South Africa fails to deliver Mandela’s education vision
SOUTH AFRICA is facing an education crisis. It has failed to uphold the dream of former South Africa leader Nelson Mandela - to provide equal opportunity to the nation’s young through education.
Mr Mandela, who led the nation from apartheid to democracy, believed that education was key to emancipation, social mobility – and to the future prosperity of South Africa. Yet this principle has still yet to be realised.
Observers have expressed concern about South Africa’s poor education and its potential to drive a growing number of unemployed into swelling public unrest.
The country’s schools are close to the bottom of international rankings. Some of the reasons for lack of progress are down to:
*Classes frequently interrupted by strikes or absent teachers
*High wage bills - 61 per cent of school spending goes toward salaries
*Corruption which leaves children without materials in overcrowded classrooms in poorly maintained schools
*Many teachers have little or no training and there is limited government oversight because of the powerful union, the South African Democratic Teachers’ Union (SADTU), which is allied to the ruling party.
As president in 1994, Mr Mandela called on South Africans to solve the country’s ‘profound education crisis’. While Mr Mandela’s and subsequent administrations expanded access to education and de-segregated schools and universities, they failed to improve quality.
Results from South Africa’s Department of Basic Education school monitoring survey in 2011, which looked only at public schools, shows that minimum standards were not met in 14 out of 15 indicators.
Main concerns include teaching posts not being filled, the lack of curriculum being covered in a week, and the high number of pupils who are unable to access library facilities and enjoy basic physical infrastructure such as school buildings, grounds, furniture, equipment and apparatus believed essential to impart education.
The average taxpayer in South Africa sees 15 per cent of their taxes going into education. Education is South Africa’s single biggest budgetary item (20 per cent of total state spending). Of 31 emerging market countries, South Africa spends the second highest proportion of GDP (seven per cent) on schools.
Yet nationally 43 per cent of pupils were in schools that failed to meet minimum standards and 45 per cent of public schools failed to reach the minimum infrastructure standards.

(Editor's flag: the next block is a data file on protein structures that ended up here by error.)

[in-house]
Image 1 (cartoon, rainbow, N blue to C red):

The teaching of mathematics in rural and poor schools is the worst in southern and eastern Africa. Children in poorer African countries such as Lesotho and Zambia are out-performing children in South Africa. Findings by the Centre for Development and Enterprise show that less than one quarter of Class 6 teachers were able to answer Class 6 maths questions correctly.
It is not surprising that between 2000 and 2010 the number of public schools dropped by nine per cent while the number of independent schools increased by more than 44 per cent. The number of pupils enrolled at independent schools has risen by more than 50 per cent in that period.
South Africa’s education system is seeing an alternative developing - a de facto privatisation of schooling.
Studies show that there is a small, but growing low-fee private schooling sector in South Africa. From 2000 to 2010, the registered independent schools’ sector grew by 44 per cent and pupil enrolment by 75.9 per cent.
Low-fee private schools are charging annual fees less than 7,500 Rand (542 euros), with the least expensive charging only 2,500 Rand (180 euros).
Johannesburg-based Curro Holdings which opened its doors with 28 pupils in 1998 and is listed on the Johannesburg Stock Exchange, enrolled 21,908 pupils in 2013. The company aims to increase its chain of private schools from 32 to 100 by 2023. Curro also runs its own teacher training college for some 1,000 teachers each year.
Bassa Educational Institute Trust, a black-owned non-profit group which runs four schools in Soweto, inner city Johannesburg and Diepsloot, educates some 5,000 pupils and employs 160 teachers. Spark schools are a network of private primary schools, which aims to grow to 64 schools in a decade.
The growth in independent education is relatively new. But it is displaying innovation and is keen for people to get involved - driven by two factors - profit and the demand created by the inadequacy of public schooling.
Some argue that South Africans have forgotten that change can come from the grassroots, from ordinary people acting in their own best interest. But in years to come the expansion and growth of low-cost private schools - through parents voting with their feet - might overcome some of the acquiesence to state domination.